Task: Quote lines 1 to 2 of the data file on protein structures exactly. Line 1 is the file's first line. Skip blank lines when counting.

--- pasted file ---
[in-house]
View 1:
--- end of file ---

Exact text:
[in-house]
View 1: